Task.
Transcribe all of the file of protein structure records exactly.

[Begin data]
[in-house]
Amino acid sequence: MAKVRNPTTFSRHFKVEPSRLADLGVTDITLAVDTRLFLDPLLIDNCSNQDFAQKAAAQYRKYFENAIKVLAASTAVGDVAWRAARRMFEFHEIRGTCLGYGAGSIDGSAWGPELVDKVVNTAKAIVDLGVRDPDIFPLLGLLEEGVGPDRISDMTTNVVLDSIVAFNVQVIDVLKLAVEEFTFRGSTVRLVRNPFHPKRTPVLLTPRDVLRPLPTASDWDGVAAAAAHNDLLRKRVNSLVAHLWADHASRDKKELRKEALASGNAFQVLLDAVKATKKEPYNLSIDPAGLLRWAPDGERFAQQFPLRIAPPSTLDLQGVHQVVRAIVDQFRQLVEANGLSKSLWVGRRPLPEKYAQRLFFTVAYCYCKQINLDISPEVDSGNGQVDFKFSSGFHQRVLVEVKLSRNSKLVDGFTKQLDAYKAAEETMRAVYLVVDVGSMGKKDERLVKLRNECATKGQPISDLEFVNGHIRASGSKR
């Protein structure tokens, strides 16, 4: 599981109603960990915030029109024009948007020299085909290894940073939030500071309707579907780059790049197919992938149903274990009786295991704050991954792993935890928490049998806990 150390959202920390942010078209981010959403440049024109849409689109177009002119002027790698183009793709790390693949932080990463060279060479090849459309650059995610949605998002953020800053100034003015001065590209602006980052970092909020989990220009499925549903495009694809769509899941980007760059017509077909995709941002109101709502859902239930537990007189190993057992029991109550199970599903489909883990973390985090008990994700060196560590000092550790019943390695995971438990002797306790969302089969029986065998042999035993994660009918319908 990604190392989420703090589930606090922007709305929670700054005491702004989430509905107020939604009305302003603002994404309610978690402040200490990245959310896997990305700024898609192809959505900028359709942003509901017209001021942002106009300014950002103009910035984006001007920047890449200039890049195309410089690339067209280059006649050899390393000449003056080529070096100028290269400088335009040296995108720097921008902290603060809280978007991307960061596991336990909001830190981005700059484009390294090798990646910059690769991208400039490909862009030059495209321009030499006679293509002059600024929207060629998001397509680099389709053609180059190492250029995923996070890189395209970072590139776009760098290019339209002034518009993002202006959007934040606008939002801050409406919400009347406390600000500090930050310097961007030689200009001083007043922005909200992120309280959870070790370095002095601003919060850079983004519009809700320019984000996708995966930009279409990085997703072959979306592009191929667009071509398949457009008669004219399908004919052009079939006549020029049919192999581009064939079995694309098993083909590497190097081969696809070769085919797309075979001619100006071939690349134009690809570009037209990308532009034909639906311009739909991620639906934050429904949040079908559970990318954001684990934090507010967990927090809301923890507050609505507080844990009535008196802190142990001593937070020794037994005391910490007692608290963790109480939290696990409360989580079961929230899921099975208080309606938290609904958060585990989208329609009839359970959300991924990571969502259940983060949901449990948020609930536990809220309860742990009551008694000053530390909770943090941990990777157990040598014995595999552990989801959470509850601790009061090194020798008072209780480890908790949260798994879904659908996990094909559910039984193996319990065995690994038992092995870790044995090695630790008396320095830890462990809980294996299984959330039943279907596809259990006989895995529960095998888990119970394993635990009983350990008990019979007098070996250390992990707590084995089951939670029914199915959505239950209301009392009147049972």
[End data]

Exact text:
[in-house]
Amino acid sequence: MAKVRNPTTFSRHFKVEPSRLADLGVTDITLAVDTRLFLDPLLIDNCSNQDFAQKAAAQYRKYFENAIKVLAASTAVGDVAWRAARRMFEFHEIRGTCLGYGAGSIDGSAWGPELVDKVVNTAKAIVDLGVRDPDIFPLLGLLEEGVGPDRISDMTTNVVLDSIVAFNVQVIDVLKLAVEEFTFRGSTVRLVRNPFHPKRTPVLLTPRDVLRPLPTASDWDGVAAAAAHNDLLRKRVNSLVAHLWADHASRDKKELRKEALASGNAFQVLLDAVKATKKEPYNLSIDPAGLLRWAPDGERFAQQFPLRIAPPSTLDLQGVHQVVRAIVDQFRQLVEANGLSKSLWVGRRPLPEKYAQRLFFTVAYCYCKQINLDISPEVDSGNGQVDFKFSSGFHQRVLVEVKLSRNSKLVDGFTKQLDAYKAAEETMRAVYLVVDVGSMGKKDERLVKLRNECATKGQPISDLEFVNGHIRASGSKR
């Protein structure tokens, strides 16, 4: 599981109603960990915030029109024009948007020299085909290894940073939030500071309707579907780059790049197919992938149903274990009786295991704050991954792993935890928490049998806990 150390959202920390942010078209981010959403440049024109849409689109177009002119002027790698183009793709790390693949932080990463060279060479090849459309650059995610949605998002953020800053100034003015001065590209602006980052970092909020989990220009499925549903495009694809769509899941980007760059017509077909995709941002109101709502859902239930537990007189190993057992029991109550199970599903489909883990973390985090008990994700060196560590000092550790019943390695995971438990002797306790969302089969029986065998042999035993994660009918319908 990604190392989420703090589930606090922007709305929670700054005491702004989430509905107020939604009305302003603002994404309610978690402040200490990245959310896997990305700024898609192809959505900028359709942003509901017209001021942002106009300014950002103009910035984006001007920047890449200039890049195309410089690339067209280059006649050899390393000449003056080529070096100028290269400088335009040296995108720097921008902290603060809280978007991307960061596991336990909001830190981005700059484009390294090798990646910059690769991208400039490909862009030059495209321009030499006679293509002059600024929207060629998001397509680099389709053609180059190492250029995923996070890189395209970072590139776009760098290019339209002034518009993002202006959007934040606008939002801050409406919400009347406390600000500090930050310097961007030689200009001083007043922005909200992120309280959870070790370095002095601003919060850079983004519009809700320019984000996708995966930009279409990085997703072959979306592009191929667009071509398949457009008669004219399908004919052009079939006549020029049919192999581009064939079995694309098993083909590497190097081969696809070769085919797309075979001619100006071939690349134009690809570009037209990308532009034909639906311009739909991620639906934050429904949040079908559970990318954001684990934090507010967990927090809301923890507050609505507080844990009535008196802190142990001593937070020794037994005391910490007692608290963790109480939290696990409360989580079961929230899921099975208080309606938290609904958060585990989208329609009839359970959300991924990571969502259940983060949901449990948020609930536990809220309860742990009551008694000053530390909770943090941990990777157990040598014995595999552990989801959470509850601790009061090194020798008072209780480890908790949260798994879904659908996990094909559910039984193996319990065995690994038992092995870790044995090695630790008396320095830890462990809980294996299984959330039943279907596809259990006989895995529960095998888990119970394993635990009983350990008990019979007098070996250390992990707590084995089951939670029914199915959505239950209301009392009147049972």